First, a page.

Scientists Spot Rare Arabian Sand Cat for the First Time Since 2005

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Cats are elusive creatures, but there's one species in particular that's so mysterious, even biologists don't know much about it: the sand cat. Turns out, it can be found if the pursuer is willing to do a bit of stalking.

According to New Scientist, in 2015, Shakeel Ahmed—an assistant scientist with the Environment Agency - Abu Dhabi (EAD)—set out with a team on a mission to find the storied Arabian sand cat (Felis margarita harrisoni). The smallest of all wild cats, subspecies of F. margarita are found in desert regions from North Africa to Central Asia. After setting five baited camera traps for several months in 2015, Ahmed managed to snap rare photos of the species. These are the first sightings of the desert cat in 10 years.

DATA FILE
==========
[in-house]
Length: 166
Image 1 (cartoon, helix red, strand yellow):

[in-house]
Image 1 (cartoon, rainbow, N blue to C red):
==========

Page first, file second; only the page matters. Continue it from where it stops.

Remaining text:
According to research published in the European Journal of Wildlife Research, the crew captured 46 images of wildlife over the course of 278 nights in the Baynouna region of Abu Dhabi. They later confirmed that 12 of the images featured three different cats: two females and a male. Most of the sightings occurred between midnight and 6 a.m., suggesting that the cats prefer the cooler hours of the night. Thirty-nine percent were during a full moon. The other animals photographed, New Scientist reports, include geckos and skinks—food to a sand cat. 

New Scientist notes that because the cats are not seen often, no one really knows how the species is doing. John Newby of the Sahara Conservation Fund told the publication: "Scientists need to be doing more research on how the sand cats live in order to create a suitable protected area."

[h/t New Scientist]

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